A comprehensive solution to this crisis requires the creation of a national health-care system and the revision of the public pension system to make it much more redistributive. The “private welfare state” should be replaced by a system that treats health-care and retirement benefits as economic rights, takes these factors “out of competition” for workers (so workers will not have to sacrifice retirement or health benefits to save their jobs), and broadly spreads risk across the entire society.
47. Bill Koenig, UAW Chief Faces Reuther Legacy, ‘Crashing’ Industry, Bloomberg.com, July 20, 2007.
48. David Leonhardt, $73 an Hour: Adding it Up (Figuring Autoworkers’ Pay), New York Times, December 10, 2008.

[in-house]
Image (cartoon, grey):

50. John D. Stoll and Sharon Terlep, GM Offers U.S. a Majority Stake, Wall Street Journal, April 28, 2009; John D. Stoll and Sharon Terlep, Plan Sees a Smaller, Focused—and Profitable—GM, Wall Street Journal, April 28, 2009.
51. John Lippert and Mike Ramsey, UAW Said to Get 55% Chrysler Ownership, Board Seats, Bloomberg, April 28, 2009.
56. Robin A. Cohen, Ph.D., and Michael E. Martinez, M.P.H., Health Insurance Coverage: Early Release of Estimates from the National Health Interview Survey, January—September 2006, Division of Health Interview Statistics, National Center for Health Statistics, Centers for Disease Control.
57. Nayla Kazzi, More Americans are Losing Health Insurance Every Day, Center for American Progress, May 4, 2009.